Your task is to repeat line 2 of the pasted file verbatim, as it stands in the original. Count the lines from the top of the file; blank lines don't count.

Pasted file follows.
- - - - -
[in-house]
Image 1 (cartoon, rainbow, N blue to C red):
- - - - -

Image 1 (cartoon, rainbow, N blue to C red):